>Here we are at Joyful Sunday, Mothering Sunday, Refreshment Sunday, Rose Sunday – many names for a day whose readings give us much to rejoice about, especially our Gospel lesson: love, forgiveness and joy. The focus of the Gospel, however, is not a mother, but a father whose actions are contrary to his society’s traditions, as are the actions of his sons, and his response. Even the parable is revolutionary and disturbing for its time. Nor do I think the shock and awe of this story has worn off after so many centuries.
What would you do if you were sitting down to dinner with a few friends others thought unsavory or unsuitable – tax collectors, sinners, outcasts, to name a few – and the local authorities started to complain about your behavior, the people you associate with?
We know what Jesus would do – he would teach them, illustrate his actions, his message, and what the Kingdom of Heaven was all about, with a parable.
This story about the loving father taught the Pharisees and scribes that there was no either/or with God, nor with Jesus or the Good News he brought to us. Yet it was, and is still, difficult not to think in terms of black and white: good son or bad son, Pharisee or tax collector, saint or sinner. Fortunately, God doesn’t roll that way. In all of the lessons this morning, we hear how God works with, in and through us towards reconciliation and forgiveness, with love, and offers us new lives.
See what happens at the end of our story this morning.
A father responds with patience and love to both of his sons. He puts aside propriety and runs to greet his boy – patriarchs didn’t run in first century Judea; CEOs don’t run in the 21st century – Rather than wait at the house surrounded by family and servants, or with the Board of Directors in a conference room, and demand an explanation, and it darn well better be a pretty good explanation from the boy, the father welcomes his son home with an embrace. When his eldest son reacts negatively and with jealousy to the honor his brother receives, especially the party, and that fact that his brother is being treated as if he’s only been on a trip for the family business, the father goes out to him – again, patriarchs didn’t do that in first century Judea; do you think a CEO would go out to explain an interoffice memo to a line worker? – The father invites him to come in saying, “. . . you are always with me, and all that is mine is yours. But we had to celebrate and rejoice, because this brother of yours was dead and has come to life; he was lost and has been found.” He also gives freely – to the youngest, he first gives an inheritance, then a robe, a ring and a party. To the eldest, he gives all that he has. No questions asked. No hesitation, no conditions.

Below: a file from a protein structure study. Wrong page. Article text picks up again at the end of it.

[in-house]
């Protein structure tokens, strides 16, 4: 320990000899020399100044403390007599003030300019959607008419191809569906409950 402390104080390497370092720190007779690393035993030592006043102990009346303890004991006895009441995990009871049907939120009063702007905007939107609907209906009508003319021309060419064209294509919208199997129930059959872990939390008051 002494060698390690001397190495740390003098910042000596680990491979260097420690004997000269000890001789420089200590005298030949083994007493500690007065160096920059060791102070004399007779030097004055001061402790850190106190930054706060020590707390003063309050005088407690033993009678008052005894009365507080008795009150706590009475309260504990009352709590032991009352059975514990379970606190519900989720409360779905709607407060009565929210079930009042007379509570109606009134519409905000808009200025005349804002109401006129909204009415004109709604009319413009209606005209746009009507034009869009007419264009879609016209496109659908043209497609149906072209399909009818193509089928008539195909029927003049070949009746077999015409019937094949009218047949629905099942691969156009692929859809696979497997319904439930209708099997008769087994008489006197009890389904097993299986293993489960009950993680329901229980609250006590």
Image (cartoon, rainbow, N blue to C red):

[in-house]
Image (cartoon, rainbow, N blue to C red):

This is how God responds to us. This demonstrates love and a willingness to forgive behavior that was unacceptable, and that God is willing to do the same. God is the father in this parable.
What I like about the story and you may agree with me here – or not – is that we have no ending. There’s no “and they all sat down to a fine meal and made merry and lived happily ever after.” It is left to us to decide what happens next, to think about what we’ve just heard and apply it to our own situations and lives – and isn’t that a way of God’s working in us? I would like to think that after the eldest brother got over the resentment and anger, he took a moment to reflect on the blessings in his life, on his family, and that he came around and welcomed his brother back and the relationship between them, and their father, was restored. Doesn’t this remind you of Joseph and his brothers, or Jacob and Esau? Or that fight you had with a parent, sibling, your lover? Your friend? After you came around, the initial moments of nervous conversation and confession were rough to the point of pain, but when you said, “I’m sorry, forgive me,” or you both said it at once, didn’t you just want to go out and celebrate?
Although the emphasis here is on love and reconciliation, there’s no denying that each of the players in this story is lost in some way. Both sons are lost – the youngest son for his bad choices and behavior, the elder son for his self-righteousness and anger, his jealousy. The father is lost by his society’s standards: he’s weak, a bit of a pushover, and he takes action out of love for his sons, rather than his standing in the community and as a patriarch. God is at work here and moves him towards forgiveness.
With this parable, Jesus takes us beyond a commentary on sin and righteousness to give us a sense of what it truly means to be in relationship to others and to the Lord. Yes, he socializes with tax collectors and sinners, but how glad will God be when those same people amend their lives because they have heard Jesus’ words and believed, they who were once lost, are now found? The dutiful son and the disobedient son, the Pharisee and the Savior, all are worthy of God’s love. The Kingdom of Heaven is like that!
We are all lost in some way – give us a garden to live in and we will disobey the simple rules on the gate and be evicted, offer us a covenant we’ll manage to break it, find a way to get out of it. Provide us with a Messiah – you know the rest.
But we are found, and that is more than enough reason to be joyful on this Sunday and every day. We are found, and it is through the prodigious, boundless, grace of God and love and the Good News of Jesus. And the parable we have just heard is not simply one of the best and well-crafted of stories, it is an illustration of what it means to be redeemed.